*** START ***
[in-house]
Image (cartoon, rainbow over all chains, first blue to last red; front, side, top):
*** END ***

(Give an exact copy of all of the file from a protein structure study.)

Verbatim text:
[in-house]
Image (cartoon, rainbow over all chains, first blue to last red; front, side, top):